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The ballad "Frankie and Johnnie," which is not referred to in the credits or in reviews, is an anonymous work whose date of origin is estimated by historians and musicologists as being between 1840 and the 1880s. Although the ballad is not sung during the picture, an instrumental version of the tune is woven into the musical score. The film was shot in 1934, but it did not receive a general release until mid-1936 because of severe censorship problems. In February 1934, the film was listed in production charts as a United Artists release. According to a May 1934 Film Daily news item, Paramount and RKO joined United Artists in bidding for the distribution rights. A March 1935 Daily Variety news item announced that retakes for the picture were being shot by Mascot Pictures. However, all other contemporary sources credit Select Productions as producers of the retakes. Another 1935 news item in Daily Variety stated that the film's title would be changed to Frankie to avoid giving the "wrong impression of its subject matter." By May 1935, RKO was announced as the film's distributor, but the studio never released the picture. Republic finally distributed the picture in May 1936.
According to files in the MPAA/PCA Collection at the AMPAS Library, a copy of a revised script was sent to Vincent G. Hart of the Eastern Studio Relations Office of the MPPDA in February 1934. Hart complained that the script was of a "questionable nature," and that the story was "most certainly open to serious question, both from the standpoint of the industry standards contained in the Production Code and from the standpoint of official censorship." Hart also expressed annoyance at the fact that his office did not receive the script until four days into production. In September 1934, the completed film was rejected by the PCA as a "sordid sex drama." In an October 1934 letter, Joseph I. Breen, Director of the PCA, insisted that all uses of the song "Frankie and Johnnie" be eliminated, and that Jack Kirkland's 1930 play of the same name should not be mentioned in the title. (It is not known if the play was ever considered as a source for the film.) Breen also insisted that the picture make clear that Frankie's love for Johnnie is "wrong and sinful" and provide proof that Frankie's "course of life is wrong, as opposed to the present ending showing her going off to future happiness with Curley." In an April 1935 letter to Islin Auster of the AMPP, William Saal of Select Productions assured Auster that the reshot Frankie and Johnnie would "please" him and added that all of the "new stuff" was shot "exactly according to the script."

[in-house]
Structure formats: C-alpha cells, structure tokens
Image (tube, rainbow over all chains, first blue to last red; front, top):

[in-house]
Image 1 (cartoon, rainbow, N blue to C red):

It is not known if additional cuts were made between 1935 and 1936. A 1935 Film Daily review gives the film's running time as seventy minutes, five minutes more than the 1936 time, but these figures May not be accurate. Onscreen credits, production charts and news items in 1934, as well as 1936 reviews and copyright records, list Chester Erskin as director. The 1935 citations, however, credit John Auer as director. It is possible that Auer, like Saal, worked on the supplemental footage. In addition, Lou Goldberg is credited with additional dialogue only in the 1935 Hollywood Reporter review. Motion Picture Herald's "The Cutting Room" includes Jack Hazzard, Montagu Love and Sigmund Spaeth in the cast, and notes that composer Victor Young, his orchestra and the Chester Hale Girls were to appear in the saloon scenes as musicians and dancers. A Film Daily news item adds Robert Middlemass and Pedro de Cordoba to the cast. The participation of these performers in the final film has not been confirmed. Lilyan Tashman, who did not receive a screen credit and was excluded from most review cast lists, died on March 21, 1934. Her death caused delays in the filming, according to Film Daily, as the script had to be re-vamped to accommodate her unshot scenes. Scenes for the film were shot in the Midwest, along the Mississippi River, according to Film Daily.
Modern sources state that a Portland, OR lawyer sued Republic Pictures after the film's release on grounds that it defamed the character of his client, a black woman named Frankie Baker, who had killed her boyfriend in 1899 and claimed to be the song's true inspiration. Baker's case was dismissed in court.
Other films inspired by the "Frankie and Johnnie" ballad include a 1930 Path Exchange production, Her Man, directed by Tay Garnett and starring Helen Twelvetrees (see AFI Catalog of Feature Films, 1921-30; F2.2436), and the 1966 United Artists release Frankie and Johnny, directed by Frederick De Cordova and starring Elvis Presley and Donna Douglas (see AFI Catalog of Feature Films, 1961-70; F6.1683).